HERNANDO – Weeks before the tornado touched down in neighboring Southaven, Horn Lake Mayor Nat Baker, Alderman Tom Polzin and other key city personnel had determined they and others needed to be prepared as best as possible in an emergency.
Last week they put that realization into action with a risk and assessment seminar conducted Tuesday, Wednesday and Thursday at the DeSoto County Emergency Management Agency facility on Old U.S. 51, Hernando.
The session, conducted by Russ Napier and Bill Graner with the Texas Engineering Extension Service, a branch of the Texas A&M University System, highlighted the many facets that go into identifying and developing a course of action in an emergency, be it natural or man-made.
“We’ve been learning how to evaluate a threat assessment, whether there’s a present danger and how to respond,” Baker said about the seminar that was not all lecture. Those in attendance went over scenarios should they ever have to deal with a disaster.
“We’re discovering who, on different levels, you would call on,” Baker said. “It’s knowing who in the city, county, schools and private enterprise are needed.”
It’s why disparate groups seemingly with little or nothing in common are interconnected, Horn Lake fire battalion chief Mike Casey said. The people he was referring to included school principals, a hospital representative, and those from the private sector, as well as several other government or quasi-government agencies.
“The class is designed to be multi-disciplined,” Russ Napier said.
One of the exercises divided attendees into groups, and each group had to brainstorm and develop a plan of action. When called upon, they presented their recommendations and the deliberations that went into their decisions.
It underscored that while they might appear random and spur of the moment, decisions on the part of those in charge have rhyme and reason.
It was why representatives from the school system, code and law enforcement and firefighting/EMT, as well as private sector personnel believed the seminar necessary.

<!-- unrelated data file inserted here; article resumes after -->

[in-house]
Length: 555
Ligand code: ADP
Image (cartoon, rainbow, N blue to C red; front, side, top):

“It’s an eye-opener,” Joey Cox said.
Cox is an excavator with Tri-Firma, a contracting firm that does work for Horn Lake.
Cox added that what he learned the past several days was that while people should be as prepared as possible, there were many details that might go overlooked because of a lack of knowledge and communication.
His viewpoint was echoed by Mark Kaldahl, a safety officer at Baptist Memorial Hospital – DeSoto.
“I’m here to learn how we at the hospital can participate in these events with the community,” he said, adding that he has been attending similar workshops with area counties and communities in both Mississippi and Tennessee.
The recurrent theme coming out of this week’s seminar was that key to successfully addressing a disaster is coordination of communication and course of action.
Graner, the other seminar instructor, focused on the aftermath. He gave the example of what would happen if a “dirty” bomb was detonated in New York City.
“The big thing is not the explosion, it’s the panic factor and the economic factor,” Graner said.
According to Graner, in a worst case scenario, a dirty bomb detonated under the “right” condition in Manhattan could make the city uninhabitable because of the potential for radiation permeating buildings, sidewalks, the underground system, including the water supply. Since so much of New York City is based on commerce, particularly banking and finance and stock and commodity trading, the devastation would be far-reaching, according to Graner.
Napier brought it closer to home, explaining the effect on sheep in Scotland after the meltdown of the Soviet Union’s nuclear reactor in Chernobyl in April 1986.
The contaminants from Chernobyl went into the atmosphere, where winds carried it around the globe. As the radioactive contaminants descended, it settled into the wool. Although by the time it had become airborne and reduced to minute particles as it descended, the radiation was of such minimal dosage as to not be harmful to the sheep healthwise. However, the animals had to be shorn and the wool destroyed, wiping out that year’s wool crop and leading to financial hardship for many and ruin for some.
As with any seminar that is compressed into a tight timeframe, there is so much information presented that it may seem overwhelming at times, and some of it may be forgotten. However, with the inclusion of participants from different fields of expertise, it is believed that crucial information one person might overlook, another will be able to provide.
No person or community can always be 100 percent prepared, but the consensus among those who participated is that the City of Horn Lake is further along the process now than it was as little as several weeks ago.